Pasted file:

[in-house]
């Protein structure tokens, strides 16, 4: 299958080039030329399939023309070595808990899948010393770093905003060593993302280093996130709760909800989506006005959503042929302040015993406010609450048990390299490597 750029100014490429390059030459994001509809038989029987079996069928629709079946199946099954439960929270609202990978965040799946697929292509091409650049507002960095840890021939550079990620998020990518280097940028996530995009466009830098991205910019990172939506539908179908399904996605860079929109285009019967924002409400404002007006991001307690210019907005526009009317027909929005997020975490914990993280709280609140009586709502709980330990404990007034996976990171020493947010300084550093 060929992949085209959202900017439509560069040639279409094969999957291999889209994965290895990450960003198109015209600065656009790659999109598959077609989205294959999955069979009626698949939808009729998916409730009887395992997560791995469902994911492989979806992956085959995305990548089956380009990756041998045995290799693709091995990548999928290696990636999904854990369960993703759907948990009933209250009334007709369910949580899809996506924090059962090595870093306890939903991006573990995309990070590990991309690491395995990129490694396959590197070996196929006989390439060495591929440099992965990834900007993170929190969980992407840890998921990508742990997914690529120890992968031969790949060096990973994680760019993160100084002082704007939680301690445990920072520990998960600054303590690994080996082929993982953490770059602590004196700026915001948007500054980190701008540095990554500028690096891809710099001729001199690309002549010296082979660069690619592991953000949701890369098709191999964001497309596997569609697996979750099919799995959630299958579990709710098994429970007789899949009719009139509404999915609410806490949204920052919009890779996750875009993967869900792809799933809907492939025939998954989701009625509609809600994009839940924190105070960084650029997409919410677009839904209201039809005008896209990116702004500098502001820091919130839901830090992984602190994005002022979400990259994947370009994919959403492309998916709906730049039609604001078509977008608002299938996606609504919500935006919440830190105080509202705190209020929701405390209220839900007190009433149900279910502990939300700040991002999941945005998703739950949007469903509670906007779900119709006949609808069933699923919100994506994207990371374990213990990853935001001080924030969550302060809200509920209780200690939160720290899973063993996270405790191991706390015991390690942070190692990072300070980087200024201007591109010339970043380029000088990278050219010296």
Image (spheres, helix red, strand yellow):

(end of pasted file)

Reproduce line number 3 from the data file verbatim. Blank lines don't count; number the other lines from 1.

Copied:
Image (spheres, helix red, strand yellow):